If you’d like other options for invoicing tools, you can check out this article that Loretta Oliver wrote on the topic over at VAHelper.com. She gives you a full breakdown on cost and ease of use for each tool, as well as comments from other service providers explaining what they use in their businesses.
So, we’ve talked about where to keep your money, how to send invoices, and tracking income.
Now let’s talk about expenses. The type of expenses that you have in your business may be slightly different than someone else’s based on the equipment that you use and the services that you offer, for example. You need a way to track those expenses so that you can easily reference them for taxes and be able to write them off for your business.
Here is a list of some basic expenses that you may have in your business:
- Office equipment/supplies (Ex: desk, computer, printer, toner, daily planner, pens, etc.)
- Coaching and educational courses (Ex: business coaching, mastermind, skills courses, ebooks, etc.)
- All or part of your phone bill if you use that phone for your business
- If you have a dedicated office space, you can deduct part of your utilities and possibly homeowner’s insurance for the space
- Tools or software that you use to run your business (Ex: AWeber, Dropbox, CRM)
- Website hosting and domain name
- All of part of your internet expenses
- Internet security software
- If you hire someone to handle something in your business (Ex: accountant, social media manager, tech VA)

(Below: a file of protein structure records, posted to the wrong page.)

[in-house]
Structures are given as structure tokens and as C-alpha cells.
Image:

- Meals when meeting with a client or colleague
- Travel expenses when related to your business
- Payment processing fees
Those are just a few of the basic expenses that you can consider in your VA business. You need a way to keep track of these expenses. I mentioned Wave Apps earlier as an easy way to track your expenses. You want to use a system that’s easy for you and allows you to itemize.
Take a look at that article again over at VAHelper.com for more solutions.
If you’re trying to keep your business as paperless as possible, I recommend scanning in hard copy receipts and downloading or taking screen shots of online receipts. Most expense tracking tools allow you to scan or save a copy of a receipt and link it to the expense that you’re documenting. Then if you need to, you can click on that expense item and open up a copy of the receipt.
My suggestion is to make tracking your expenses a regular habit. If you stop by Staples, in store or online, and buy some toner, immediately open up your expense tracking software and add that item. Then you don’t have to stress and spend tons of time documenting things when tax times rolls around.
For more info on taxes and your VA business, listen in here as I interview a tax expert.
And that covers tracking money in your virtual assistant business. Setting up tools and processes like this now will save you time and effort in the future, and help you to run your business more smoothly.
- Open up a separate bank account for your business
- Decide on a tool for receiving payments
- Decide on a tool for tracking income and expenses
Let me know what you use to track your money or leave a comment below.
Missed the previous segment? You can find it here.